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Lee Kelly
Retrospective at the Portland Art Museum
by Lisa Radon

A current retrospective at the museum traces the Oregon artist’s career while an accompanying book, “Lee Kelly,” includes lush photos of many of Kelly’s public art works as well as those in private collections

In the where-do-we-go-from-here moment experienced by many second generation, Left Coast Abstract Expressionists, Lee Kelly took to the streets. Or, more specifically, he took to the sidewalks, plazas, courtyards, and fields of the West as the most prolific maker of public artworks in what may prove to have been public art’s heyday. Kelly’s works grace sites from Seattle to Los Angeles to Houston, including the magnificent Cor-Ten steel Gate F (1972) at Candlestick Park in San Francisco and the massive slabs of the temple-like Leland I (1975), anchoring the series of Portland plazas designed by Lawrence Halprin. There was a time in the early ’70s, chief curator of the Portland Art Museum Bruce Guenther recalls, that Kelly was the only artist winning public art commissions on the West Coast.

A current retrospective at the museum traces the Oregon artist’s career while an accompanying book, “Lee Kelly,” includes lush photos of many of Kelly’s public art works as well as those in private collections like the bold, square knot of the Cor-Ten Tahoe (2006), Stainless Garden (1972), on the Stanford University campus, and those installed at Leland Iron Works, Kelly’s studio and home on a converted dairy farm not far from Portland. One of these is the monumental Memory 99 (1999), which manages to suggest both gargantuan calligraphy and archeological ruin in its grouping of forms in Cor-Ten steel.

A key moment in Kelly’s path from canvas to Cor-Ten and beyond that the exhibition captures is his leap from abstract expressionist painting to early sculptures that take gestural abstraction into three dimensions with bent and direct-welded sheet metal. The curved planes evoke the rounded shapes in his paintings, the rough welds, strokes of paint. The painted sculpture, Untitled (1961), is a meeting of these two directions.  Kelly returns to consider surface in stainless works like Angkor I (1994), whose reflective surfaces, ground in sweeping gestures, are as important as its form. As well, the exhibition includes later wall-based sculptures and painted sculptures incorporating text fragments applied to the surfaces.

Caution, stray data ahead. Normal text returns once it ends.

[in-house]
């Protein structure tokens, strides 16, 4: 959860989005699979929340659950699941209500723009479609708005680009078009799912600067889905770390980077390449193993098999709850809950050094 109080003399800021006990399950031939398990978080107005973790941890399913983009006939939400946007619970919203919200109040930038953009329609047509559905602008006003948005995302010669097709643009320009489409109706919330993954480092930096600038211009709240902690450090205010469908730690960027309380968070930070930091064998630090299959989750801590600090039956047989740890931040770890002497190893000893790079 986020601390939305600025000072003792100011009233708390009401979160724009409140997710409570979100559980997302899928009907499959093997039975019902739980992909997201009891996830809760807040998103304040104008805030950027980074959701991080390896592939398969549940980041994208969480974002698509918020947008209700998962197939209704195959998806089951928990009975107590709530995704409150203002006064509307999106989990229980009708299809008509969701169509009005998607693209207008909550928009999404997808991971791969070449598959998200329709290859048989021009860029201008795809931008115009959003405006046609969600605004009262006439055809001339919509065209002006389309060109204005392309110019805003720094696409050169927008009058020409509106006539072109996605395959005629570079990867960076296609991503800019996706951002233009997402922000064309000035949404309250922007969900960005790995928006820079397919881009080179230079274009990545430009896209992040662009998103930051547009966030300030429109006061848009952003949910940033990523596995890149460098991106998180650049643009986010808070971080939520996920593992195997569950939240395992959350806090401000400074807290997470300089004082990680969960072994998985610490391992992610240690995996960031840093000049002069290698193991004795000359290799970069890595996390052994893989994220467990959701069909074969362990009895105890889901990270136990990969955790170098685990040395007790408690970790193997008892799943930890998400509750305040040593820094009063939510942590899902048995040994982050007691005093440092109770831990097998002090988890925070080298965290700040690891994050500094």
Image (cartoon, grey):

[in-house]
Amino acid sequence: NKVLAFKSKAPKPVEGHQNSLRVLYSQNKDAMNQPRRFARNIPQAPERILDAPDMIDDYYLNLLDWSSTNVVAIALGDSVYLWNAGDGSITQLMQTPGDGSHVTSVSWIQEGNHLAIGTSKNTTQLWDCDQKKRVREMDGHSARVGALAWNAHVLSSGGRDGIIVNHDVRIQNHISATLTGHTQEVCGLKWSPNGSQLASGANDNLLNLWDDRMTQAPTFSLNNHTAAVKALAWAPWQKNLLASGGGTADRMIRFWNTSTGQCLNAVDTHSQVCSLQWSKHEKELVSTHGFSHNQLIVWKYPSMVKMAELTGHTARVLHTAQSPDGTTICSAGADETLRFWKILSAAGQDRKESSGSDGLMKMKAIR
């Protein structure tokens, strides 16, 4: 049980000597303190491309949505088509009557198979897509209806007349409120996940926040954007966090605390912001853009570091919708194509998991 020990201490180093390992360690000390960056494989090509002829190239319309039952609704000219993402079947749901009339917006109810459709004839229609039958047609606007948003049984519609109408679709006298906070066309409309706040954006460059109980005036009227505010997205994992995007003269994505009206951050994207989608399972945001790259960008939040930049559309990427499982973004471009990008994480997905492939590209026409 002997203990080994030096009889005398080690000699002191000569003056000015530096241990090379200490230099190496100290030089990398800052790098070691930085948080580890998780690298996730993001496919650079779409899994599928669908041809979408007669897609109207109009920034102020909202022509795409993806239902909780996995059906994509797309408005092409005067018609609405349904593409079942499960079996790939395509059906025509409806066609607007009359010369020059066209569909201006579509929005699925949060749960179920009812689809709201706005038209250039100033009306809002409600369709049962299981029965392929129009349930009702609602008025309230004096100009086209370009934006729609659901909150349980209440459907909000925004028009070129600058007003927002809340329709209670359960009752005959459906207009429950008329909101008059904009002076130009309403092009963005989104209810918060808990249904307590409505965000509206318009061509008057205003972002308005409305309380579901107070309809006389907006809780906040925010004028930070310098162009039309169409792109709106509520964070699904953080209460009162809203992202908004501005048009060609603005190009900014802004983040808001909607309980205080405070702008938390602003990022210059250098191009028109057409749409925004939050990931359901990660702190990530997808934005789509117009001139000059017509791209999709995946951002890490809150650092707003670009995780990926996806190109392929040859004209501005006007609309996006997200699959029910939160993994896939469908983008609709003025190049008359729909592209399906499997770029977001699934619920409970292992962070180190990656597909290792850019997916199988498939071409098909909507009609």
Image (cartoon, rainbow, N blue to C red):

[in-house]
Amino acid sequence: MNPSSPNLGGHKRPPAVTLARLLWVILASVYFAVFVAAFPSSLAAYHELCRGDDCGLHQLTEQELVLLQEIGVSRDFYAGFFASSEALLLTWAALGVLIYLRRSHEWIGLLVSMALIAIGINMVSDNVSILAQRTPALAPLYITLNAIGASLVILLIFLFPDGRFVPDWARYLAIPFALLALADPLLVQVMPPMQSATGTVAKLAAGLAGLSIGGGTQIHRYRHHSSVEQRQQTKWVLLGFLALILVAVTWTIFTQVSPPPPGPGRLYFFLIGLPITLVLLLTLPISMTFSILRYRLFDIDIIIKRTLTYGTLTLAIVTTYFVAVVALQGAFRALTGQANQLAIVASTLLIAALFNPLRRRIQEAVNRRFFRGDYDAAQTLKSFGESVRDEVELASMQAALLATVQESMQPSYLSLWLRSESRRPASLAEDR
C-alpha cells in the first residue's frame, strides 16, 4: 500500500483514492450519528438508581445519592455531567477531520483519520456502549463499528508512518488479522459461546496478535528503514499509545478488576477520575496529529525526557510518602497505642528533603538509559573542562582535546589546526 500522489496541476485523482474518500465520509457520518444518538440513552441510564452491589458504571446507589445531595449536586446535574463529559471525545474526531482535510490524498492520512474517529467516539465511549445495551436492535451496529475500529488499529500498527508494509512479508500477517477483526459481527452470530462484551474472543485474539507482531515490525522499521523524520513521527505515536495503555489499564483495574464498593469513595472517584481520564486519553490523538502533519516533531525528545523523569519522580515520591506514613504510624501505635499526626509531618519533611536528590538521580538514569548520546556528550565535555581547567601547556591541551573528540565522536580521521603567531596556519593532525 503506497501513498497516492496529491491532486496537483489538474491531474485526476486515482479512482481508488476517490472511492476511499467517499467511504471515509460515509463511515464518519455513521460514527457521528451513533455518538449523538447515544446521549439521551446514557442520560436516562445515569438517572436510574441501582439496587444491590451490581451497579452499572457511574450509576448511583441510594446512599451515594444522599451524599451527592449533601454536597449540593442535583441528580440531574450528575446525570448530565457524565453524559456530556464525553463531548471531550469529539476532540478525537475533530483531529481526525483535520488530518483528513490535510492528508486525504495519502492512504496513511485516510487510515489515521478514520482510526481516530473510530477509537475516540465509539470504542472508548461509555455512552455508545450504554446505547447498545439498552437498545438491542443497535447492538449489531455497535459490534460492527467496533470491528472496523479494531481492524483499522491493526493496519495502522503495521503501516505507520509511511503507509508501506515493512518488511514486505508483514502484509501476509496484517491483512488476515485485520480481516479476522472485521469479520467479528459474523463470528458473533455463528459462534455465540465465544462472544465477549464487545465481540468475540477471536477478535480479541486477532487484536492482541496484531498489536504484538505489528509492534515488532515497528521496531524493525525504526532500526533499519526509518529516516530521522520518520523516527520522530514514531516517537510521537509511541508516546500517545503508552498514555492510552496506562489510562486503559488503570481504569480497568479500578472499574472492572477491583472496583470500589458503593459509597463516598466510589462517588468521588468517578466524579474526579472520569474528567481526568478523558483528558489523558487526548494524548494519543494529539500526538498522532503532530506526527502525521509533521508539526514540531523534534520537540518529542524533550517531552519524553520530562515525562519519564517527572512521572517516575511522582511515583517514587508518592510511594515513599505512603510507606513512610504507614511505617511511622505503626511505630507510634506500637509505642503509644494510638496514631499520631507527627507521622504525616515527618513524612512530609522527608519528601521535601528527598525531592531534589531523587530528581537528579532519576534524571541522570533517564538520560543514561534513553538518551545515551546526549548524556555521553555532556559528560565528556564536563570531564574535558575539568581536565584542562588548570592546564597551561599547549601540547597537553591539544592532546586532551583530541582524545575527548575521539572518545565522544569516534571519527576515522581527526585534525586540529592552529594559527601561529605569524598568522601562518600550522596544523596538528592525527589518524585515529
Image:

The exhibition is a fitting culmination for Kelly, who studied at the Museum Art School (now the Pacific Northwest College of Art or PNCA) in the late ’50s when it was still housed in the Portland Art Museum. The precocious Kelly caused a stir while still a student, when he began receiving large public commissions like that of creating four fountains for the Oregon Centennial Exposition thus presaging his 60+ year run as the Northwest’s most commissioned public artist. Just a few years out of school, Kelly had his first solo museum show at the museum in 1960, and his work was regularly curated into regional exhibitions there.

Kelly’s contributions to the cultural landscape have gone beyond great public sculptures. He was among the first board members of the seminal alternative arts space, the Portland Center for the Visual Arts, that from 1972 to 1987 brought important contemporary artists to Portland for exhibitions, installations, performances, and lectures. In the late ’70s he was appointed to the Portland Art Association’s Board of Trustees and Collections/Exhibition Committee. But perhaps his most poignant community-building effort is the Bonnie Bronson Fund he established in 1991 in memory of his second wife (with whom he collaborated for over 30 years) to provide support to artists committed to staying in the Pacific Northwest.

With Bronson, Kelly trekked and climbed throughout the Northwest and in the late ’70s went to Nepal and India for the first time. The trip was so inspiring to Kelly that he has become an inveterate traveler, visiting sites of temples and ruins in throughout Asia and the Americas. A 1985 Oregon Arts Commission fellowship supported his research into the traditional bronze casting methods of the Newari of Nepal.  

Over the years, Kelly has garnered nearly every award offered to visual artists in the Northwest including the 1987 Governor’s Award for the Arts and the Master’s Fellowship in Sculpture from the State of Oregon in 1992. His work has been supported and honored by the NEA, the Ford Foundation, the Washington State Arts Commission, and many others.

When the current retrospective ends, Portland Art Museum visitors will continue to be greeted by Kelly’s Arlie (1978), permanently installed in the outdoor sculpture court. This most creature-like of his sculptures is a rounded body on three angular legs with a single circular “eye.” And the title? It’s Kelly’s given name. Standing before this outsized Arlie, one gets the feeling, as with many of Kelly’s Cor-Ten works, that somehow Arlie has always been there... and always will be.

“Lee Kelly,” at the Portland Art Museum, runs October 2, 1010 – January 9, 2011

This article was written for and published in art ltd. magazine \"art

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